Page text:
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Cole Hamels' $144 Million Deal Means Phillies Continue Spending More Than Anyone Else on Pitching

Cole Hamels’ $144 million contract for six years, with a seventh year vesting option, is the latest Philadelphia big money investment in pitching. The Phillies will pay out $69 million in 2013 to the trio of Cole Hamels, Roy Halladay, and Cliff Lee. Compared to the other biggest spending clubs like the Yankees, Red Sox, Angels and Tigers, the Phillies have devoted far more of their large salary expenditures to pitchers. That occurred in the offseason again when they signed Johnathan Papelbon, and continues now as they stare down the barrel of a lost season.

It’s understandable that the team would want to retain Hamels. He’s younger than the other starters, and in a year when the pitching has not lived up to its price tag, he’s been the exception. He was a solid value at his $15 million; now he will be making an average of $24 million from age 29 to 34.

A look at Cole Hamels’ comparables listed at baseball-reference.com does not inspire confidence about this move: John Smiley and Josh Beckett. Of course, those are just approximate comparisons. Looking more closely at just the last two years, the most similar league adjusted ERA’s at age 27 and 28 combined include Jim Palmer and Steve Carlton, as well as names like Rick Reuschel, Denny Neagle, Kevin Appier, and Mark Langston. The Phillies can probably expect similar performance to how Hamels has pitched for the next two years, then a decline toward a league average pitcher by age 33 (year 5 of the 6 year deal).

So, in a vacuum, it’s not a horrible deal, though one that like most long term ones, battles against aging curves and trying to balance player salary inflation with expected decline. They aren’t in a vacuum, though, they are 10 games out of a playoff spot, and look like the window for the current core of 30 something players has closed.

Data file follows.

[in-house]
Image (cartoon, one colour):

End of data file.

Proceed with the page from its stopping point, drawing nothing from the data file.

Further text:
Next year, between Halladay, Lee, Hamels, Papelbon, Howard, Utley, and Rollins, they have 130 million tied up in 7 players. Those players will be on average 33.1, with Hamels the only one younger than 32. Halladay leaves a year later (unless he hits innings milestones that are unlikely with his injury), as does Utley. That leaves roughly $100 million in five players in 2014-2015. By 2016, Ryan Howard, and now Hamels, would be the only big money commitments.

For a team that can spend more than others, having $100 million is still a burden if those players are not producing near their pay grade. A $25 million a year bad contract with Ryan Howard still leaves a big market team with more money to spend than most other teams in baseball, but not when it crosses more than half the team total.

I would have explored a trade. Yes, Hamels is the best asset for the team. The decision was take a short term fall back to trade Hamels and acquire prospects, or sign him long term. Maybe they couldn’t get enough, and they did pursue that. I would have rather not bought his best years remaining while I might have to rebuild from lack of prospects, only to see him become an expensive league average or slightly better pitcher when other money comes off the books.

Philadelphia doesn’t have to go through the long rebuilding cycles of other teams. They could have done a short one, though, trading Hamels, getting some pieces for the future, and letting some contracts come off after 2013, to become players in free agency in 2014.

Previously: Baseball’s Highest Payroll Teams: Who Makes a Run, Who Will Continue to Struggle

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